However, it is RAW meat so you should always handle it as such. Clean all utensils with hot soapy water, disinfect surfaces, and if your dog is a messy eater then wipe their muzzle/ruff with a soapy cloth/baby-wipes after meals (some people use snoods to keep spaniel ears out of the food, and bibs on flat-faced and fluffy breeds that are likely to slobber down their fur). Store in the fridge/freezer and follow manufacturer’s guidelines on defrost times/temperatures. Don’t leave raw food bowls sitting out after feeding. Please use common sense and good food hygiene.

If you start buying meat (even human grade from the supermarket) that’s not from a raw dog food supplier, then be exceedingly careful. There will have been no testing for bacterial load. Only feed if you have a healthy, used-to raw-feeding dog whose stomach will deal with the bacteria. Do not feed if there is anyone in the household who is immuno-compromised or if you are not able to be there immediately after meals to clean up and be accountable for hygiene.

If your dog is a therapy dog, you may find they are banned from being fed raw. This is a bone of contention (pun intended) with many raw feeders as if fed responsibly (all batch-tested raw foods, good hygiene etc) then raw is no more a risk than kibble. But, the therapy dog organisations don’t want to be sued, and as cynics have pointed out, they are mostly sponsored by the large kibble producers… This may change, but in the meantime, few therapy dogs can be fed raw.

But why should I? My dog’s current food says on the bag it provides optimum nutrition…

All dog foods say they are wonderful (it’s not good marketing otherwise is it?), but some are better than others. The nutritional standards for pet foods have not been updated since the 1970s, but we now know a great deal more about pet nutrition.

In the USA and the UK, you can market kibble as “chicken” if it contains only 4% chicken by dry weight. So, the other 96% of the kibble pellet can be made up of starchy carbohydrates that some dog breeds find hard to digest (more on that later), whatever meat was cheapest, rendered meat (the left-overs boiled off the carcasses, abattoir waste…).

Not all kibbles are equal, in some the main ingredient is human-food grade meat as named on the bag and no nasties. The impartial website All About Dog Food rates the UK (and some USA) most popular foods, and gives you the lowdown on what they contain. You may be in for a surprise.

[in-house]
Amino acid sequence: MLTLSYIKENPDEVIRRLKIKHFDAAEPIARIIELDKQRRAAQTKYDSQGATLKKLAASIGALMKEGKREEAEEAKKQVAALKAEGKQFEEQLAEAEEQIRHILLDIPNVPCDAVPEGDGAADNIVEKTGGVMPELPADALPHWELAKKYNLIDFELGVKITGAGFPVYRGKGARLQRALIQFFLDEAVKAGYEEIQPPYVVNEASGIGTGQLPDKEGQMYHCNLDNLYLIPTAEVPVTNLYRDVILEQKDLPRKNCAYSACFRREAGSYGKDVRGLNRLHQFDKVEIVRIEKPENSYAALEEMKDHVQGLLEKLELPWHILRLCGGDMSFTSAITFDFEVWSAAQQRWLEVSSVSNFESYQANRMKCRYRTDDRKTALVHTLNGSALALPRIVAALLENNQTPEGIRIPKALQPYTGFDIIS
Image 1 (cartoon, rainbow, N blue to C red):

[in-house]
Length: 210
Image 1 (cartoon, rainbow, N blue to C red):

So, with raw I know what my dog is eating?

Yes, if a raw food says “chicken” it will be chicken meat/organs/bone (except on complete minces where it may contain additional organ meat (liver etc) from another species, but this will be clearly stated in the ingredients list). Most raw food companies make a point of traceability from farm to consumer, and source locally. Raw food is considered more nutritious as the naturally occurring vitamins, digestive enzymes and minerals haven’t been destroyed/made less bioavailable by cooking. Most kibbles need to be supplemented with artificial vitamins and minerals to reach the minimum standards for pet food required by most countries.

Ok, I’m interested – what’s in raw?

Sally the Samoyed (Photo: @scotlandwithfluffywolf)

Sally the Samoyed (Photo: @scotlandwithfluffywolf)

Most commercially prepared raw diets follow the “80:10:10” model, most with added veg/fruit. This has been the convention (I cannot find the original source, if anyone knows please get in touch) for over 30 years of people doing DIY raw feeding. It’s suggested you feed by weight 80% muscle meat, 10% bone and 10% offal (of which half should be liver). This is the roughly the same % as you’d find in a “whole prey item” (for example a rabbit). Some raw feeders will suggest that feeding raw meat in these % of the diet is all you need to do, that dogs are carnivores and have no need for additional fruits or vegetables in their diet.

However, most raw feeders agree that while dogs are descended from wild wolf-like carnivores, domestic dogs today have evolved somewhat from their wild past. Also, modern wolves eat tubers, leaves, seeds and berries along with meat they scavenge and hunt. Therefore, most raw feeders feed 80-90% “meat” (the 80:10:10 of muscle:bone:offal) with 10-20% fruit or veg. The veg can be lightly steamed or pureed to make it more digestible. Most commercial minces are sold containing fruit/veg so are considered a “complete” food if you use a variety of different proteins (chicken, lamb, beef, fish, duck, turkey etc).